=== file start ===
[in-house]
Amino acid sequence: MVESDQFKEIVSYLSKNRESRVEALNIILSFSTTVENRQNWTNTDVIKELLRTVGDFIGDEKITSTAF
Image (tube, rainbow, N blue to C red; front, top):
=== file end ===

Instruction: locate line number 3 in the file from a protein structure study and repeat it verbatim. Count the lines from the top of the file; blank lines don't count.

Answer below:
Image (tube, rainbow, N blue to C red; front, top):